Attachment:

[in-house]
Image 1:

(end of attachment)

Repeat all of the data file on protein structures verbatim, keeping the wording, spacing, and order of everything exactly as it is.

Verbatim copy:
[in-house]
Image 1: